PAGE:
A new blog on the Affair of the Necklace

Marie Antoinette Vigee-Lebrun

It is titled The Queen’s Diamonds. All right, the diamonds of the famous necklace were never Marie-Antoinette’s, but they were so closely associated with her by public opinion that the name is appropriate. The necklace itself became known as the Queen’s Necklace.

Elizabeth begins with portraits of some of the main characters, and she confesses to being hooked by Frances Mossiker’s remarkable book. I certainly relate to that. Elizabeth is also writing a historical novel on the Affair, with Mademoiselle d’Oliva as the central character.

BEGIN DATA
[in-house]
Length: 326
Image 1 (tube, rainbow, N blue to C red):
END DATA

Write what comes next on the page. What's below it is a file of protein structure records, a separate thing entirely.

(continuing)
An excellent choice, by the way, because the young prostitute remains as much a mystery to me as any other character in this dauntingly complex plot. Mademoiselle d’Oliva had come to the notice of the La Motte couple because of her uncanny resemblance to Marie-Antoinette.

The La Mottes hired Mademoiselle d’Oliva to impersonate the Queen and took her, dressed in royal finery, to Versailles in a hackney. There, in the Grove of Venus, she handed a rose to a great lord, who was in fact the Cardinal de Rohan…

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